Martin believed that commercial publishers had a valuable niche providing for the rapid publication of preliminary results and brief reports, but he found it difficult to imagine how publishers with no intrinsic connection to communities of researchers could provide an editorial process with the expertise or the moral authority to match that offered by the learned societies (or, possibly, by university departments).
What I find intriguing is not so much that commercial publishers have learned how to involve academics in peer review, but rather that the learned societies appear to have relinquished the intellectual leadership that Martin assumed was theirs.
With so many journals now being published by so many different societies, university presses and commercial firms, disciplinary leadership is more diffuse than it was 60 years ago and no longer obviously lies with learned societies. Based on ownership, the big four commercial publishers have a clear claim to leadership in the business of academic publishing. But these firms have no grounds on which to claim leadership in the provision of academic prestige.
Given current debates about how the future of academic publishing will be shaped by technology and open access, this matters hugely – and not simply because of the cost of access to research.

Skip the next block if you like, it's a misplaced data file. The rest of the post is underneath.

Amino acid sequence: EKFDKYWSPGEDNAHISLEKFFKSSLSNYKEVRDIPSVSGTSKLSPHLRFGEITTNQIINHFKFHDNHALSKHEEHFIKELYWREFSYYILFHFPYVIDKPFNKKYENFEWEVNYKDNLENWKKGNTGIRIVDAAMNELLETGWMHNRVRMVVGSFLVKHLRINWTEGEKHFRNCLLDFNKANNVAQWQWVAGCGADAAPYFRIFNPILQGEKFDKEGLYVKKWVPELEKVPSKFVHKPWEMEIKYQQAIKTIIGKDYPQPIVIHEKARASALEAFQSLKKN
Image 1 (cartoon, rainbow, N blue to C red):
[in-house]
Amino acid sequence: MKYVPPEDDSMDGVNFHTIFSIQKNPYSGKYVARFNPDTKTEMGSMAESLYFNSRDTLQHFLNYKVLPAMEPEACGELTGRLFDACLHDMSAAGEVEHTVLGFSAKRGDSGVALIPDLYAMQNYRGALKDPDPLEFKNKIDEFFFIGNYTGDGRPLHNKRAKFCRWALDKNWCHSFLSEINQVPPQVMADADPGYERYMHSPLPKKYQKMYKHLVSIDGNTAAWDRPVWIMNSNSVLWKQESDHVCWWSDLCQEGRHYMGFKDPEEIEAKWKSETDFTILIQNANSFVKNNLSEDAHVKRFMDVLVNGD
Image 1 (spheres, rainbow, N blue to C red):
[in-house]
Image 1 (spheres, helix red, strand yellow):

Whatever form academic publishing takes in the future, we will still need a form of scholarly accreditation, something that marks both the research and its author as having met the scholarly standards of the field. As well as being a means of securing academic prestige, such accreditation is also a service to readers in an age of information overload. For this, we will need communities of scholars. But who will lead those scholars?
During the 1940s and 1950s, representatives of learned societies and national academies from all over the world met in international conferences to discuss researchers’ needs for abstracting, indexing and classifying what they called “scientific information”. Such mechanisms for international cooperation between learned societies still exist – for instance, through the Unesco-sponsored international scientific unions. Perhaps one of them could become the forum for reshaping the system of scholarly communication into something efficient, financially sustainable and globally inclusive. We certainly should not exclude public access, but the new system absolutely must work for research and for researchers. Who can we trust to guard our interests?
Aileen Fyfe is reader in modern British history at the University of St Andrews. She is the lead author of a new report, Untangling Academic Publishing: A History of the Relationship between Commercial Interests, Academic Prestige and the Circulation of Knowledge, funded by the Arts and Humanities Research Council and published on 25 May. It is available at https://doi.org/10.5281/zenodo.546100. Twitter: #UntanglingAcPub.